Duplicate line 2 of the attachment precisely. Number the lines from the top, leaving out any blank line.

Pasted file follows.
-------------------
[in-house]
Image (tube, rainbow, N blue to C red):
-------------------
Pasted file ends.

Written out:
Image (tube, rainbow, N blue to C red):